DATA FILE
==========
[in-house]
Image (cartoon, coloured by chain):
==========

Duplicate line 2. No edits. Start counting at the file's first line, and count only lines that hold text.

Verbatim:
Image (cartoon, coloured by chain):